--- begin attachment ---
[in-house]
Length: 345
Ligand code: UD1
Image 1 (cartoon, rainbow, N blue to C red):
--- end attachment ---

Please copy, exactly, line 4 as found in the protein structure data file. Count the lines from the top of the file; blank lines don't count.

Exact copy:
Image 1 (cartoon, rainbow, N blue to C red):